Philanthropy: Tell us about the nonprofit that you’re starting, Our Ohio Renewal. How is that going?

Vance: We’re focusing on the twin questions of the opioid crisis and workforce development—two of the most important issues for the state, and they’re interrelated.

On the opioid-abuse front, we’re identifying the things that have been tried, from prevention programs to physician training to treatment options, and trying to understand how well they are working. This information will be useful in redirecting resources to what actually succeeds. We’ll identify a couple key strategies we can stand behind, and then try to get community buy-in.

In workforce development, there’s a retraining component. It has always been the case that the American economy is changing, with new technologies creating new jobs and destroying old ones. Workers adjust, so I’m not a cynic about these trends. Creative destruction opens opportunities for people to do new things, to contribute to the economy in new ways, and to have new jobs that are just as important and just as dignified as the jobs that people had years ago. But when we talk about education, high school, or college these days, we rarely think about the next generation of working-class jobs. We need to have plans that include trades jobs, and advanced manufacturing, and manual work of many kinds.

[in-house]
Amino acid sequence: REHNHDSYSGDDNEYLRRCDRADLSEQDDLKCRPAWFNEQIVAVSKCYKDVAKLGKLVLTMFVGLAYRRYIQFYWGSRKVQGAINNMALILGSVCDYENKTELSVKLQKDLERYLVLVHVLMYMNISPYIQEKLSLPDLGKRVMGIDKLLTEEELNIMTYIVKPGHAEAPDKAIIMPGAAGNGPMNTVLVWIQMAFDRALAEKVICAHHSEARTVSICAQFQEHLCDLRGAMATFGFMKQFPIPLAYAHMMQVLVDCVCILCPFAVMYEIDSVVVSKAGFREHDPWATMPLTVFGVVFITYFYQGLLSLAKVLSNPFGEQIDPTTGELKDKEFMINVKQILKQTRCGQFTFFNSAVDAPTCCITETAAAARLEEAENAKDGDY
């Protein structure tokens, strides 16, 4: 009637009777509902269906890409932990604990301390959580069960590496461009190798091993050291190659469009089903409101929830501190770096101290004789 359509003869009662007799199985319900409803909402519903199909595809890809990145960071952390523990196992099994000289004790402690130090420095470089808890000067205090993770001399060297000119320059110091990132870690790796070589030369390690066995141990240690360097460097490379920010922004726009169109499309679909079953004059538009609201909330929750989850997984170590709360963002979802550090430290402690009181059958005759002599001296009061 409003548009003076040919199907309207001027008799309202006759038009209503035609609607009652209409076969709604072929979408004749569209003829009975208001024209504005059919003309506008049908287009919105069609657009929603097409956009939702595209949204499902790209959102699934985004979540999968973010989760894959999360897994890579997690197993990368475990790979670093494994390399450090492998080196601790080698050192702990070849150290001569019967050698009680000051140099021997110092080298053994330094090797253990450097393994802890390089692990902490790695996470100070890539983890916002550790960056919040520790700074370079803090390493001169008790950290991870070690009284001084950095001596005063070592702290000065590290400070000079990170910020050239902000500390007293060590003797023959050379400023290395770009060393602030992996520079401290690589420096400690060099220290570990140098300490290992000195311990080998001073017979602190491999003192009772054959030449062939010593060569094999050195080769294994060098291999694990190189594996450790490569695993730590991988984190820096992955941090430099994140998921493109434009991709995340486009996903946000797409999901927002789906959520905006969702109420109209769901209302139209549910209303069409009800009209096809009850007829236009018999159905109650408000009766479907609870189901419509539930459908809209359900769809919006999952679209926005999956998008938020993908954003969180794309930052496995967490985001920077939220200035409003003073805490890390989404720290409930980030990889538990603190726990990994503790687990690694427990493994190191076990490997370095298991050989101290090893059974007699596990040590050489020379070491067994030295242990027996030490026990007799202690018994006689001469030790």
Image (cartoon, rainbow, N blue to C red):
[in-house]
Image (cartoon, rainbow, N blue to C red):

In my other life as an investor, I’ve teamed up with Steve Case to inject venture capital into these overlooked areas. Honestly, I think some of the most important institutions in our society are businesses. It’s not just that businesses provide wages and work; they also provide a sense of community. They give people a place to come together, and to support one another.

We don’t have enough venture capital flowing into the areas that have been hit hard by the decline of the industrial economy. Around 80 percent of venture capital currently goes to just three states—California, New York, and Massachusetts. I look at that and see a market opportunity, because I don’t think that 80 percent of the good businesses and good entrepreneurs are concentrated in those three places. That hasn’t been my experience as an investor. So our “Rise of the Rest” initiative is going to funnel venture capital into some of these overlooked companies and communities. It’s not just a winning social-impact opportunity, but a winning business opportunity.